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Lawyers dispute $78 mln fee bid in T-Mobile data breach settlement

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In Short:

Attorneys are challenging $78 million in legal fees from a T-Mobile data breach settlement, calling it excessive. The settlement resolved privacy claims for 76 million customers affected by the breach. Lawyers defending the fees say they worked thousands of hours on the case. The appeals court is probing whether the objections are valid. Some lawyers feel the court was unfriendly to challengers.


Challenge to $78 Million Legal Fees in T-Mobile Data Breach Settlement

Attorneys involved in a data breach class action settlement with T-Mobile are contesting the $78 million legal fees awarded, claiming it represents an excessive portion of the $350 million settlement fund.

During a hearing at the St. Louis-based 8th U.S. Circuit Court of Appeals, attorney Robert Clore criticized the disproportionate fee allocation, stating that while his client received $25, the attorneys were set to walk away with $7,000 to $10,000 per hour.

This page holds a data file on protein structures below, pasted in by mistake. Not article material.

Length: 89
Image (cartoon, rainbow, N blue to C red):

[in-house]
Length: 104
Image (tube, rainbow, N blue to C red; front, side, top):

The 2022 T-Mobile settlement addressed privacy concerns for around 76 million T-Mobile customers affected by a data breach the previous year. The settlement was approved by a judge in Kansas City, Missouri, who granted fees amounting to 22.5% of the total fund for the class lawyers, dismissing objections raised at the lower court.

During Tuesday’s hearing, a three-judge appeals panel questioned both sides to determine whether the objections were made in “bad faith” or stemmed from valid concerns regarding the excessive fee award.

One of the class attorneys, Bradley Wilders, characterized the challengers as “serial” class action objectors driven by self-interest. He highlighted that the class counsel had dedicated over 9,100 hours to the litigation and only two out of 76 million class members appealed the decision.

Neither Clore, Wilders, nor T-Mobile responded immediately to requests for comment. John Pentz, another lawyer contesting the fee amount, expressed displeasure with the trial court’s treatment of objectors in an email, citing a hostile environment.

The cases in question are Daruwalla v. Hampe, 8th U.S. Circuit Court of Appeals, No. 23-2744; and Daruwalla v. Pentz, same court, No. 23-2798.

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